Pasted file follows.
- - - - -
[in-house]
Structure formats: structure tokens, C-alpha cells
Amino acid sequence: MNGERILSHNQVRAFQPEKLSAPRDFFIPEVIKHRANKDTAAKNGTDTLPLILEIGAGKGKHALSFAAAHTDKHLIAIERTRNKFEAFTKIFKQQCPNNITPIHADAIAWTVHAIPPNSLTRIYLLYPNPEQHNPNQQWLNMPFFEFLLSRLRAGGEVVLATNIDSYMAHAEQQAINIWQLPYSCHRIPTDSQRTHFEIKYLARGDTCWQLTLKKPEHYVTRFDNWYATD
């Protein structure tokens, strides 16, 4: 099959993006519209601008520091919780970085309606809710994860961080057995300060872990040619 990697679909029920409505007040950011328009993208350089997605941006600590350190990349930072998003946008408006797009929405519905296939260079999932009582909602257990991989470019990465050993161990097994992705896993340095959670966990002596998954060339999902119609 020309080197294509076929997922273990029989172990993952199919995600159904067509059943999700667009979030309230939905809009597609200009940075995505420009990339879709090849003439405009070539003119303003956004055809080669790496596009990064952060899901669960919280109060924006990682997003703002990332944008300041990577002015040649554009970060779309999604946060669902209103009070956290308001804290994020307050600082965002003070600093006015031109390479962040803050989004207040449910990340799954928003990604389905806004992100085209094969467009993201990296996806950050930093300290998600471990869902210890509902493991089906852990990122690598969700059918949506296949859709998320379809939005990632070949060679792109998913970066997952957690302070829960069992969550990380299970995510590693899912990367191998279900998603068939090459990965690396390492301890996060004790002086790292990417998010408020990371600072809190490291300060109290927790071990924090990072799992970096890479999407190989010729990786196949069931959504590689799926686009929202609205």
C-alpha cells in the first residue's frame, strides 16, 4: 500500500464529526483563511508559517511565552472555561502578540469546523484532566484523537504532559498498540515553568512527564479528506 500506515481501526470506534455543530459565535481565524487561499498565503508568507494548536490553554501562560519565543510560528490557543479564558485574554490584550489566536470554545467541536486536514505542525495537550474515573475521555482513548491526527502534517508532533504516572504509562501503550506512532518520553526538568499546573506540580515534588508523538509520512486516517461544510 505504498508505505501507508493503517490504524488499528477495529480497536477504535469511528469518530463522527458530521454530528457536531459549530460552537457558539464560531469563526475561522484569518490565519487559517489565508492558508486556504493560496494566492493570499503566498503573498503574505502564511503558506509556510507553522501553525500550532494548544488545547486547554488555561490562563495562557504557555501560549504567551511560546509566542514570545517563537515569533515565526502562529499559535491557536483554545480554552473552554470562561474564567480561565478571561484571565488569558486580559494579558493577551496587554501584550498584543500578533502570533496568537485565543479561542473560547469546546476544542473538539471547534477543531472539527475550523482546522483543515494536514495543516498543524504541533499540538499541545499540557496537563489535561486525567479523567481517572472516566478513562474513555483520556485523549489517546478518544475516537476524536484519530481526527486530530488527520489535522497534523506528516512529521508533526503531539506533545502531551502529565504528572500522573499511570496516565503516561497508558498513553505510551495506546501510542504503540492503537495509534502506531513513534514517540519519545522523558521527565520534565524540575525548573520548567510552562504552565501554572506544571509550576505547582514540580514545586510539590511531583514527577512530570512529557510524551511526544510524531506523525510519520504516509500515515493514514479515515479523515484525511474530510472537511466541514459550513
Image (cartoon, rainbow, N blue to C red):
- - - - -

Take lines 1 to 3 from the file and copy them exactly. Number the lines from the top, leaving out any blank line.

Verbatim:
[in-house]
Structure formats: structure tokens, C-alpha cells
Amino acid sequence: MNGERILSHNQVRAFQPEKLSAPRDFFIPEVIKHRANKDTAAKNGTDTLPLILEIGAGKGKHALSFAAAHTDKHLIAIERTRNKFEAFTKIFKQQCPNNITPIHADAIAWTVHAIPPNSLTRIYLLYPNPEQHNPNQQWLNMPFFEFLLSRLRAGGEVVLATNIDSYMAHAEQQAINIWQLPYSCHRIPTDSQRTHFEIKYLARGDTCWQLTLKKPEHYVTRFDNWYATD